Over the past couple of months, everything has changed. Many of these changes will have ongoing impacts on our industry. As we begin to see MSPs look toward the future, it’s time to take a look at the state of the union, particularly where things stand with technology, communication, and the workforce structure of the future.


Shifts in Communication

A popular meme at the beginning of this pandemic said, “we’ll now see which meetings really could be emails.” While we have seen our clients tighten up their communication by shifting to chat platforms like Teams, we’ve noticed an even greater shift toward video communication. In fact, webcams flew off the shelves so quickly that some are still back-ordered. More practical video conferencing ushered in new etiquette expectations for surviving the new workplace, and we expect continued heavy use of video conferencing moving forward. Many offices have seen it as a much more efficient, yet personable way to gather employees together, see their smiling faces, and check-in on both a personal and productivity level. We highly recommend gathering with your remote teams on video chat daily. Twice a day if possible. Even as people return to the office, maintain these meetings to sustain connections, particularly if you have a hybrid workforce with some in the office and some remote.


A Note on Web Cams

Webcams are a fantastic lens into your employees’ and clients’ worlds; however, hackers also love to access webcams. They’ll install a backdoor virus on your system through social engineering, a link you clicked, or they could be phishing for information, then use the stolen info to turn on a webcam without the user’s permission or knowledge.


We recommend that our clients limit the platforms that have permission to utilize their webcam, as well as utilizing a webcam cover when they’re not actively on camera (a sticky note or opaque tape will even work in a pinch). Some other safety guidelines are:


  1. Make sure the latest update is installed.
  2. Use Strong Passwords, and change them regularly.
  3. Utilize two-factor authentication if available.
  4. Make sure employees are trained to look for Phishing and other security scams.


Bringing up these issues to our clients may open the door to other help they may need internally.


Rising Safety Concerns

Nefarious hackers are taking advantage of the confusion, frustration, and fear surrounding COVID-19. Social engineering attempts are on the rise as they use COVID-19 related “news” to lure people into giving up their information. People working from home traditionally don’t have enterprise-grade firewalls and anti-virus protection. If employees continue to work from home during and post-pandemic, it’s up to us to insure their security is up to date.


We also need to consider where the pandemic ranks on our disaster-preparedness planning. Before this event, we hadn’t considered what would happen if we had to scramble to assist our clients get their employees working remotely. Or how they could keep their businesses operational in a curbside pick-up-only world. Now’s the time to make sure we document the steps we took to get this done. Write down what you did well this time, and what you would change should something like this ever happen again. No one is expecting another pandemic, but if something on this scale happens again we don’t want to be caught unprepared. Next time, businesses should be able to continue much more smoothly.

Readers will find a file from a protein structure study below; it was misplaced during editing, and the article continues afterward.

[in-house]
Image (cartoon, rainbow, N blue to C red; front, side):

Events in Motion

Many industries live and die by their conferences. Some have chosen to cancel in-person meetings for the foreseeable future, while others have pivoted to online platforms. An online event cannot take the place of everyone meeting up at a bar for networking or cruising the trade show floor looking for the newest technology product. However, we highly recommend embracing the growing virtual event culture.


You can transition events to the new platforms. Lunch and Learns can become webinars. Training events can be moved to streamed sessions. You just have to choose the right platform and continue holding events and engaging with your existing clients and new prospects. We can help you with these and other events if you’d like. Email us at: marketing@chartec.net


Where the Workforce is Headed

A recent Gallup poll indicates that between March 13 and March 30, the percentage of people working remotely increased from 31% to 62% due to the COVID-19 pandemic. Now that people are starting to return to offices, 60% would prefer to continue to work from home. Employers who create adaptable work environments will be more likely to keep their employees and maintain a positive work environment than those who make rigid demands to bring everyone back to the office. Flexible and remote work is the future, whether business owners want to admit it or not. We’re seeing an increase in our success at solving issues with our clients remotely, and this is a trend we expect to see grow in the future.


Another thing on the plus side, there will be less need for high overhead office space, upkeep, and on-site framework. On the other hand, we will have to make a significant investment in culture, productivity tracking, and cloud infrastructure to ensure our teams remain productive. Now is the time to set our remote work policies, determine who and how people can work from home, and create a technology roadmap to keep our remote and on-site workforce on the leading edge.


The Bottom Line

We are anxious for everyone to get back to work in the safest and most productive manor. Maybe that’s continuing to work from home, bringing in a skeleton crew, or hitting things full force with your entire staff. Regardless of your path forward, we know that you’re going to need to make some adjustments to ensure your technology, culture, and strategy are ready to bring you into this new age. May this state of the union point you in the right direction.